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If you want to talk about Muay Thai fighters that bring the most action to the ring, those with the Muay Mat style lead the conversation.
Of all the approaches to the art of eight limbs, Muay Mat is probably the most fan-friendly – particularly for Western audiences and casual viewers.
These athletes have a gung-ho approach. They’re aggressive, go all-out for the KO, and train to absorb almost as much punishment as they dish out.
The main weapons of a Muay Mat are their punches and low kicks. In a sport that traditionally values kicks and knees to the body and head more highly, that often puts them at a disadvantage if a bout goes to the scorecards. However, these competitors’ high knockout rates mean the judges often aren’t needed.
History is littered with legendary Muay Mat, including many from outside Thailand, but these guys stand out from the crowd as the most beloved.
Top of the list of Muay Mat is the man known as “The Iron Hands of Siam” – Anuwat Kaewsamrit.
This man had two of the heaviest hands in the history of the sport, and they made him a fixture on Thai TV during his heyday.
He would push forward, walk through his opponents’ strikes, and pay them back with interest. Even legends of the game who were renowned for their durability were finished by Anuwat.
Iconic names like Lerdsila Phuket Top Tem, Singdam Kiatmoo9, Singtongnoi Por Telakun, and Liam Harrison were all victims of Anuwat’s thunderous firsts and lethal leg kicks.
Plus, his longevity and list of titles are remarkable. He won his first Rajadamnern Stadium World Championship belt in 1998, and went on to win four more, with his last coming in 2010.
He also claimed a Lumpinee Stadium World Title, the Sports Writers Association of Thailand Fighter of the Year award (the most prestigious prize in Thailand) two years in a row, and a cabinet full of other World Championship belts.
Many fans might know Sagat Petchyindee as the man who inspired the makers of Street Fighter to name their Muay Thai character after him, but there is far more to him than that.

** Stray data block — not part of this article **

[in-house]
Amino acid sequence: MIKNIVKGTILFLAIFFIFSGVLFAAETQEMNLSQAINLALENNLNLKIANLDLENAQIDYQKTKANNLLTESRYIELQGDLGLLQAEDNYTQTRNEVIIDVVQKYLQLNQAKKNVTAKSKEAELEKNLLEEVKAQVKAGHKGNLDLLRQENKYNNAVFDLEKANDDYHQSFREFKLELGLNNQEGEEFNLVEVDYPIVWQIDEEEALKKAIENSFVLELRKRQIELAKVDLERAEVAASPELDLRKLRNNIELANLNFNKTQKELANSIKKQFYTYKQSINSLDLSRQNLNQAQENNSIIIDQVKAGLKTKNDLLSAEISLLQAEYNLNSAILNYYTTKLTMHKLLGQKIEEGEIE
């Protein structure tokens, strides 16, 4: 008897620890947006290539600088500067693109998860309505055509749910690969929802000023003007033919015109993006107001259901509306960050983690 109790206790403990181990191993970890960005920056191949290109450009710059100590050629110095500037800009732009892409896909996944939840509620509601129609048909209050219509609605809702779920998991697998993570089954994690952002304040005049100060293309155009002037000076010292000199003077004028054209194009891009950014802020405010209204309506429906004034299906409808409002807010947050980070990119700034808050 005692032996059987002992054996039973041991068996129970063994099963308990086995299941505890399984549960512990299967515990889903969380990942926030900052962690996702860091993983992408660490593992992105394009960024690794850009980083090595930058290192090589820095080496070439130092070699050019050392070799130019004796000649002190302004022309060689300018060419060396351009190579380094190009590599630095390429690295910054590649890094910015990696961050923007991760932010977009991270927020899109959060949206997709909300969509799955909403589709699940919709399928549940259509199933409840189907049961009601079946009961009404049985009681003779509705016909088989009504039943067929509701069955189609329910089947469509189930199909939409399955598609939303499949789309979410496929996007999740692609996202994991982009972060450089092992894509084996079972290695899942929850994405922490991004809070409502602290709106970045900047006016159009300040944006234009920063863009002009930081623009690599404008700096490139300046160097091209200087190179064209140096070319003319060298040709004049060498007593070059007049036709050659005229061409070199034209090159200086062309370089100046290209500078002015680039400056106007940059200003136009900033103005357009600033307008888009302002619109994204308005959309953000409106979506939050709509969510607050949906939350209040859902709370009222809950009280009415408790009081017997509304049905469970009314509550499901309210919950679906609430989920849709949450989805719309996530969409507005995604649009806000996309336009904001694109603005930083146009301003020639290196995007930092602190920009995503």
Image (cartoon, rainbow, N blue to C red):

Sagat is regarded as one of the greatest competitors of all time thanks to his capture of multiple Lumpinee and Rajadamnern titles during the ultra-competitive golden age of Muay Thai.
Sagat was a master of technique, and was capable of being graceful in the ring, but that is certainly not what he is best known for.
He is remembered as a force of nature with dynamite in his hands. Of course, he possessed a near-perfect arsenal of other strikes, but his record is littered with the wreckage of foes that fell to the force of his piston-like punches.
Even the tightest of guards could not stop Sagat from finding his mark and battering his opponents into submission.
The man known as “The Crusher” and “Doctor KO” was an absolute bull in the ring. Coban Lookchaomaesaitong was a relentless power puncher who most opponents found impossible to stop.
Even if he had his kick caught, Coban would blast his rivals with a hail of punches until they relinquished their grip – either by choice, or because they went down.
He had no fear of taking a punch to land one of his own, particularly his southpaw cross, which authored the demise of countless victims.
Compared to many of the greats, Coban’s résumé is not littered with Thai stadium belts, though he did capture a Lumpinee World Title.
He also captured several World Championships outside the traditional Muay Thai meccas. Several of his greatest triumphs came outside his homeland, which was not as common in the 1990s as it is now.
Coban fought and beat a host of Westerners, including Danny Bill and Dida Diafat, but he is probably best known for the unprecedented first-round KO of Ramon Dekkers that started a legendary rivalry.
The late Ramon “The Diamond” Dekkers is the pioneer of Muay Thai outside the sport’s homeland. Many Thais – especially those who shared the ring with him – regard him as the greatest farang (foreign) fighter.
Before the Dutchman’s rise to fame, many Westerners would only face Thais in custom-rules bouts on their home turf. Many also made sure they had a size advantage in these contests.
Dekkers was not afraid to travel to their home turf and take on the Thais at their own game. His Dutch style of striking with powerful punching combinations gave top-quality opponents tons of problems and won him a legion of fans.
He was the first farang to defeat a reigning Lumpinee champion, but his most notable fights came against Coban. After losing their first fight, Dekkers not only beat the iron-jawed Thai icon, he stopped him. These rivals fought twice more and split a pair of decisions.
Dekkers was so exciting, many Muay Thai purists found a new appreciation for Dekkers’ heavy-handed style.
Perhaps most significantly of all, his success inspired a generation of athletes to embrace the art of eight limbs. For that, he received recognition from the Thai royal family.